The recognition that such a right was also embodied in the State Constitution simply means that they had an independent ground to recognize it.


    that's kind of what i was thinking too. (none / 0) (#5)
    by cpinva on Wed Nov 19, 2008 at 10:39:53 PM EST
    are the proponent's of prop. 8 asserting that the CA constitution presently defines marriage as only that between one man and one woman?

    were that the case, than:

    1. the CA supreme court presumably wouldn't have previously ruled as it did.

    2. prop. 8 would be redundent.

    WHAT'S WRONG WITH THESE PEOPLE??!! (4.00 / 1) (#8)
    by blogtopus on Thu Nov 20, 2008 at 12:37:45 AM EST
    Supporters of Proposition 8 have threatened to mount a recall of any justice who votes to overturn the measure.

    These panty-sniffers need to get their heads out of other's bedroom windows and other people's lives. Whatever happened to Live and Let Live with these a***oles?

    Sorry, it just disgusts me that they really don't see how mean spirited and just plain ignorant their actions are.

    To me the question is what's wrong (5.00 / 1) (#11)
    by MyLeftMind on Thu Nov 20, 2008 at 10:26:23 AM EST
    with the rest of us.  Those kind of people have always done their nasty work.  The Catholic Church tortured and murdered hundreds of thousands of homosexuals along with the millions of women they killed.  The Nazis rounded up and murdered gays along with the Jews they imprisoned, tortured and killed.  Just as the bible has been used to "prove" whites are better than blacks, it's now used to "prove" straights are better than gays.  But like the witch trials, Nazi imperialism, lynching of black Americans and other forms of terrorism, the problem of the bullies running society is really a problem of how much the rest of us are willing to tolerate before we stop them.  And by stop them, I mean a complete federal solution that lays down the law, supports the Constitution and stops this anti-American agenda right NOW.

    Gay activists and their allies use terminology like "civil rights," and "marriage equality" because the issue really isn't whether people accept homosexuals or what God or his followers believe about religious unions, it's whether all Americans are equal under the law.  Tyranny by the majority, freedom from religion, and the pattern of oppression of minorities is what's relevant.  The black civil rights movement would have stagnated without federal support for equal rights.  It took a combination of activists agitating for change, and strong leadership (Eisenhower, Kennedy) setting new direction.  Obama's our new strong leadership, but will not expect political capital on LGBT issues unless the people who voted for him demand it as part of the mandate for Change.  

    So how much more oppression of "the other" will you tolerate and ignore before each of you personally does what it takes to solve this problem?


    The ghost of Rose Bird (none / 0) (#6)
    by oculus on Wed Nov 19, 2008 at 10:43:40 PM EST
    haunts this California Supreme Court.  I hope they remain as couragous as they were in striking the statute.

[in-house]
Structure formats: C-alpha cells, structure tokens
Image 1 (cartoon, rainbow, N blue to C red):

T Chris (none / 0) (#7)
    by shoephone on Wed Nov 19, 2008 at 11:42:43 PM EST
    Sorry for (briefly) going off-topic. Did you see this story about a man who won a judgement against the cop who tased him?

    Help me through the logic here... (none / 0) (#10)
    by easilydistracted on Thu Nov 20, 2008 at 07:04:18 AM EST
    First, please do not construe my remarks here as those of a proponent of proposition 8. Had I not moved from So Cal my vote on the proposition would have been a resounding, no. Having said that, it seems to me that the arguments expressed in the previous posts, as sound as they might be, come a little late. I'm certainly no legal expert, but they probably would have worked much better to keep the proposition off the ballot in the first place.  The fact that the proposition was placed on the ballot and remained unchallenged until now, seems to serve as a waiver of all rights to protest the underlying procedural issues of whether it should have even been there. Again, no expert here.            

    Judges are lazy (none / 0) (#12)
    by blueaura on Thu Nov 20, 2008 at 10:51:18 AM EST
    Well, that's not it exactly, but basically courts generally do not take action unless there is a real need. Something has to happen first, and until the proposition passed, there wasn't really anything for them to rule on. I don't think you can file suit on a hypothetical. You need to have standing. It's the same with SCOTUS, which won't rule on a bill in Congress. It has to be passed first, and then challenged by someone with the legal standing to do so.

    I've seen someone somewhere, though maybe not on TL, explain it much better. Hopefully there are some lawyers here who can.


    Pre-election (none / 0) (#14)
    by TChris on Thu Nov 20, 2008 at 12:38:28 PM EST
    attempts to raise this issue in the state supreme court failed.

    Tks (none / 0) (#15)
    by easilydistracted on Thu Nov 20, 2008 at 12:55:56 PM EST
    TChris.  I'll mull it over.